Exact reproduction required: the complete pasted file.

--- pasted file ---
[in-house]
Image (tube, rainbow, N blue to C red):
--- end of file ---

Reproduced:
[in-house]
Image (tube, rainbow, N blue to C red):